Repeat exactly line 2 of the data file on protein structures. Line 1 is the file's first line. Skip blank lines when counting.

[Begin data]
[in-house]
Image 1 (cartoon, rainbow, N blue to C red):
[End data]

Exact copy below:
Image 1 (cartoon, rainbow, N blue to C red):